A sensible change

September 3rd, 2012 at 12:00 pm by David Farrar

The Herald reports:

The AA will take a cautious look at a bill which closes a drink-driving loophole.

Coromandel MP Scott Simpson’s Land Transport (Admissibility of Evidential Breath Tests) Amendment Bill, drawn from the parliamentary ballot last week, would widen the circumstances where a positive evidential breath test is admissible evidence in drink-driving prosecutions.

Under current law, a positive breath test is not admissible in evidence if the suspect opts to have a blood test, but there have been a small number of cases where police were unable to get blood tests after suspects had chosen to have them, and had not been able to fall back on breath test results to prosecute.

Mr Simpson cited one 2005 case, where police had struggled with a suspect whose blood sample was gained only after several attempts.

I believe there is also a problem sometimes with drug addicts whose arms are so wrecked that finding a vein to draw blood from is near impossible.

So the law change is pretty simple – they can use the breath test as evidence, if it proves impossible to get a blood sample. Not sure anyone will be against that.

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8 Responses to “A sensible change”

  1. GPT1 (2,022 comments) says:

    In principle no but there are VERY rare circumstances where blood is lower. This is usually where the drinking has been fast, recent but not substantial. Eg: 3 standard drinks in an hour after work – blow 420 but blood is lower. It is rare (blood is the most accurate and usually higher as alcohol has absorbed into the system) but it does happen.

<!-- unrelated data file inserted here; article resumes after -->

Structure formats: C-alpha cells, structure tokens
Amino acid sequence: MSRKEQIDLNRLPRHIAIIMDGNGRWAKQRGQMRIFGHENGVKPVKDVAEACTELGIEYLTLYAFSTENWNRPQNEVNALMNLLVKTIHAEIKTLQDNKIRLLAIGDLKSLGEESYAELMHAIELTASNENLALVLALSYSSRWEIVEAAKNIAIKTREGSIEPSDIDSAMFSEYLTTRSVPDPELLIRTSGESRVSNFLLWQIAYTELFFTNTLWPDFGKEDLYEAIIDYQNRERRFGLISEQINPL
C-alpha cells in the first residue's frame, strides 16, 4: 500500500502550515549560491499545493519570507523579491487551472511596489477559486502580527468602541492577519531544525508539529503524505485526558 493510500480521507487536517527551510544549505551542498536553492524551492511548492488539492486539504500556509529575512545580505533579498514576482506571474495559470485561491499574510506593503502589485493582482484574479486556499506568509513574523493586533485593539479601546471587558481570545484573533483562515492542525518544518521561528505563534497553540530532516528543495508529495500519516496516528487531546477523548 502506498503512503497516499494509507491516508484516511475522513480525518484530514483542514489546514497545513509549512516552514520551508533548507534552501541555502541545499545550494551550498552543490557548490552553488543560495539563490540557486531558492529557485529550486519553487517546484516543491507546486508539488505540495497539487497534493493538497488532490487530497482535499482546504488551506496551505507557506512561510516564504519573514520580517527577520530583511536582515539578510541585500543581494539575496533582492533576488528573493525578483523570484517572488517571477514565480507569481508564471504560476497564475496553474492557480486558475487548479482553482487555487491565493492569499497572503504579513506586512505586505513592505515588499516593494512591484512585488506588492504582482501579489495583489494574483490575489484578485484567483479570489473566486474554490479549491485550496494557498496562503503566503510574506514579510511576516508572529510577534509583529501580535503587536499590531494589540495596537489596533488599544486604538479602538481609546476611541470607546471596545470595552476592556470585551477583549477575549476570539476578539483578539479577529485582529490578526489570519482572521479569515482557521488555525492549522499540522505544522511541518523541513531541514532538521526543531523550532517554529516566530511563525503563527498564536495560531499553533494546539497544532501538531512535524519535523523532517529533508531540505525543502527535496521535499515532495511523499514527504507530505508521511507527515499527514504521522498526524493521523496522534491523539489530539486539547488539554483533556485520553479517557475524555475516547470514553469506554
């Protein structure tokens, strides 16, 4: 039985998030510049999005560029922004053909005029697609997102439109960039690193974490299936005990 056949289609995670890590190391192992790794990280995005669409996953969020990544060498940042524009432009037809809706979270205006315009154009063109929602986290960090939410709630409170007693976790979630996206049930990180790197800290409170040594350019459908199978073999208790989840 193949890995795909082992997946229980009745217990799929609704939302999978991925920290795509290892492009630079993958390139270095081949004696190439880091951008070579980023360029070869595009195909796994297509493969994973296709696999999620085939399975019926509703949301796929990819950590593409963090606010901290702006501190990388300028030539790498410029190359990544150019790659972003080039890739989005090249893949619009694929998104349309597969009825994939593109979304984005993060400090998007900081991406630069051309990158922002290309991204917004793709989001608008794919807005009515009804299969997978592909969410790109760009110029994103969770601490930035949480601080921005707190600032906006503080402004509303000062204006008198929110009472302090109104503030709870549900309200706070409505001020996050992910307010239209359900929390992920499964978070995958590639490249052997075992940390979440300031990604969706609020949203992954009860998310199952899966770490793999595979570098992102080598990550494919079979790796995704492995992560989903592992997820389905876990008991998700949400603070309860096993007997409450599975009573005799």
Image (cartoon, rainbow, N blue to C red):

It could be evidence for an impaired driver test though (which I think might be how the police deal with the situation now).

    Or if over, say, 500 then it is evidence.

    Or what if you choose to drink and drive and your arm won’t give blood then tough the breath result stands.

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  2. thomasbeagle (77 comments) says:

    It would have been nice if they’d given some indication of how accurate the breath tests were.

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  3. Grizz (613 comments) says:

    A quick poke of the femoral artery would have solved the problem in the scenario above.

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  4. Pete George (23,836 comments) says:

    Not sure anyone will be against that.

    Winston and Greens may be against it unless they are allowed to run another referendum to decide it.

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  5. PaulL (5,454 comments) says:

    Can you get another breath test if they can’t do the blood test? Just seems like the reason for the blood test is that breath tests are sometimes inaccurate – as GPT says, mostly if you’ve drunk a lot quite quickly. In that situation, by the time they’ve screwed around and failed to get blood, then you could do another breath test. That one would be binding.

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  6. Eisenhower (137 comments) says:

    They will have to amend the law so that evidential breath tests cannot be refused, although that could be problematic for those with breathing difficulties. Currently you can refuse any breath test, whether roadside screening or evidential. You cannot however refuse a blood test.
    A tip for those who may find themselves giving an evidential breat test – if it blows over 650 micrograms on the first blow (you have to do two and the lowest is the result) refuse to do the second blow and opt for a blood test. Otherwise your license will be suspended for a mandatory 28 days on the spot (the level is 400mcg if you’ve had a previous conviction in the last four years. Your vehicle will also be impounded if you’ve had two or more convictions).

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  7. Sean (290 comments) says:

    Sorry but the law says the sample must be of venous blood, so no poking the femoral artery…

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  8. Sean (290 comments) says:

    Oh and you can refuse a blood test – you just end up getting arrested and charged with refusing a blood test, the penalty for which is as if you failed the blood test – plus you get to spend some time in the cells…

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